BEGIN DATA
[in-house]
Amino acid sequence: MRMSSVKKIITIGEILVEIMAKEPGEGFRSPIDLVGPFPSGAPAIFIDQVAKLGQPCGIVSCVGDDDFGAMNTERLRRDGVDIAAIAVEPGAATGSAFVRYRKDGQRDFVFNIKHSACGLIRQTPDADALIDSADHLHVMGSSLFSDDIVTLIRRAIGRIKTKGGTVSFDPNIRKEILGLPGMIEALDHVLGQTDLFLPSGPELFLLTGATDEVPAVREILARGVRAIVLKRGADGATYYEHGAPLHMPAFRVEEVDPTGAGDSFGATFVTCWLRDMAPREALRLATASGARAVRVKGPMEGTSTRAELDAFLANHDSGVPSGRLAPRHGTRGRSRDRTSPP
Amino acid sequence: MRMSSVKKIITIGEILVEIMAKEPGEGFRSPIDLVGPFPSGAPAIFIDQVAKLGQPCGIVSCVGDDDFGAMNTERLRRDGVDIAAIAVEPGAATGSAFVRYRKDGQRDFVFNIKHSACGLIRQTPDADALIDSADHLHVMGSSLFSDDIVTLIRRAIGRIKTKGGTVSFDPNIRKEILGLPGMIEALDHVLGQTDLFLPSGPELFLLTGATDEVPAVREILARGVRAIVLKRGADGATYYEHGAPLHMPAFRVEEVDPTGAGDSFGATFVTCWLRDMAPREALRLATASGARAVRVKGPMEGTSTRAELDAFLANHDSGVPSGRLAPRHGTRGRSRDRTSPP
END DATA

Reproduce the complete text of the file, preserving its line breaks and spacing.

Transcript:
[in-house]
Amino acid sequence: MRMSSVKKIITIGEILVEIMAKEPGEGFRSPIDLVGPFPSGAPAIFIDQVAKLGQPCGIVSCVGDDDFGAMNTERLRRDGVDIAAIAVEPGAATGSAFVRYRKDGQRDFVFNIKHSACGLIRQTPDADALIDSADHLHVMGSSLFSDDIVTLIRRAIGRIKTKGGTVSFDPNIRKEILGLPGMIEALDHVLGQTDLFLPSGPELFLLTGATDEVPAVREILARGVRAIVLKRGADGATYYEHGAPLHMPAFRVEEVDPTGAGDSFGATFVTCWLRDMAPREALRLATASGARAVRVKGPMEGTSTRAELDAFLANHDSGVPSGRLAPRHGTRGRSRDRTSPP
Amino acid sequence: MRMSSVKKIITIGEILVEIMAKEPGEGFRSPIDLVGPFPSGAPAIFIDQVAKLGQPCGIVSCVGDDDFGAMNTERLRRDGVDIAAIAVEPGAATGSAFVRYRKDGQRDFVFNIKHSACGLIRQTPDADALIDSADHLHVMGSSLFSDDIVTLIRRAIGRIKTKGGTVSFDPNIRKEILGLPGMIEALDHVLGQTDLFLPSGPELFLLTGATDEVPAVREILARGVRAIVLKRGADGATYYEHGAPLHMPAFRVEEVDPTGAGDSFGATFVTCWLRDMAPREALRLATASGARAVRVKGPMEGTSTRAELDAFLANHDSGVPSGRLAPRHGTRGRSRDRTSPP